To be fair, it’s a pretty big state
Desmond Howard underscored his 1991 Heisman Trophy season with a statue-like photo op after scoring a touchdown that year. Now Howard, an analyst for ESPN, has struck a new pose: deer in the headlights.
Howard was among the talkers giving bowl game breakdowns at halftime of Tuesday’s Poinsettia Bowl and chose to wax poetic about the Holiday Bowl.
“In the spirit of the holiday season, I want to see the Holiday Bowl, Cal versus Texas,” Howard began.
He then touched on key matchups in detail, omitting only where Bevo, the Texas mascot, will be grazing for a pregame meal. Howard particularly wanted “to see if Nate Longshore and Marshawn Lynch, the quarterback and running back for Cal, can hit a groove, because that Texas defense will be ready for them.”
If so, the Longhorns are waiting in the wrong place. California plays Texas A&M; in next Thursday’s Holiday Bowl.
And Texas? Howard would do well to remember the Alamo Bowl.
Up next on ESPN: Howard’s pick in the Rose Bowl game between USC and his alma mater, Michigan State.
Upon further review
Later, Howard made an on-air apology, saying, “You don’t need me to tell you who you’re playing against in the bowl.”
Still, as a reminder to Howard, Texas is playing Iowa, not Iowa State, in the Alamo Bowl on Dec. 30.
When was the last time Notre Dame won a bowl game and whom did the Fighting Irish beat?
For better or worse
The traditional 40th wedding anniversary gift? Apparently, it’s NCAA violations.
South Carolina Coach Steve Spurrier found those are also community property recently, after Jerri Spurrier, his wife, unknowingly violated NCAA rules by sending handwritten notes to families of players who had signed with the Gamecocks, one of eight secondary violations discovered by the school.
Spurrier, like any husband trying to avoid sleeping on the couch, defended his wife of 40 years, lashing out at the unknown whistle-blower.
“So anybody can turn anybody in just like anybody can sue anybody in America,” Spurrier said.
Speaking of litigation, lost scholarships and bowl game bans are not grounds for divorce in South Carolina.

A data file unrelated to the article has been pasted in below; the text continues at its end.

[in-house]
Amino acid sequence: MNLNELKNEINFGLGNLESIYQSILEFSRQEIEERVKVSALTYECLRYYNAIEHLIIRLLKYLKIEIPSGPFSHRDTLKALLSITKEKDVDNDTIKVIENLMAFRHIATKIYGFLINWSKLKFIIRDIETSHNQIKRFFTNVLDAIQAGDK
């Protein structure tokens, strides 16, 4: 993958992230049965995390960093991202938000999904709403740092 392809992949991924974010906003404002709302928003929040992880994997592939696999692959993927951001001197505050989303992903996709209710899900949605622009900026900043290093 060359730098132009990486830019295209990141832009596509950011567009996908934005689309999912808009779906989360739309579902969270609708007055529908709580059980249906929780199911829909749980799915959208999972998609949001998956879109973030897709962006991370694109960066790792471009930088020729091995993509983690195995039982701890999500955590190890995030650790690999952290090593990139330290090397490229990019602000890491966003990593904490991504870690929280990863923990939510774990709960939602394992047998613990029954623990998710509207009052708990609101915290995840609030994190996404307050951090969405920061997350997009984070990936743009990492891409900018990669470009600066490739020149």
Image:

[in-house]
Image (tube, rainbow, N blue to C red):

Stephen Mara, son of late New York Giants owner Wellington Mara, traded blows, not stocks, on the floor of the New York Stock Exchange on Tuesday.
Mara, in fact, showed more passion than the Giants did in Sunday’s 36-22 loss to the Philadelphia Eagles. That’s the Jeff Garcia Eagles, so there was plenty to mock Giants fans about. But when fellow broker and Eagles fan Bob Tomasulo did just that, Mara attacked.
“He charged me like an animal,” Tomasulo told the New York Post. “He charged me like he wanted to sack me. At first, he got me in a bearhug and bent me over a trading post.”
Charges like an animal, hugs like a bear, driven to sack? Sounds like criteria in a want ad the Giants need to place: Old family firm seeks aggressive self-starter to revitalize defensive line.
The Giants’ defense ranks 20th in the NFL and 18th in sacks.
“Give him a helmet. Get him out on the field,” retired Giants tight end Mark Bavaro told the paper.
Notre Dame, which has lost eight consecutive bowl games, last won in 1994, beating Texas A&M; in the Cotton Bowl.
Note to Howard: That’s A&M;.
In Indianapolis, nice guys finish last, or at least lose in the AFC title game, which seems to sit OK with the Colts fans in the stands, according to Steve Sabol, president of NFL Films.
“As far as the fans go, without being insulting, it’s like an Amish picnic compared to what we see in Philadelphia or Pittsburgh or Oakland,” Sabol told the Indianapolis Star.
Word to the wise: Giants fans, apparently, aren’t big pacifists either.